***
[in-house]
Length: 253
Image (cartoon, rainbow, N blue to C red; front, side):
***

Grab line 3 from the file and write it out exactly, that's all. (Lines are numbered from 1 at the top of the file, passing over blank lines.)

Image (cartoon, rainbow, N blue to C red; front, side):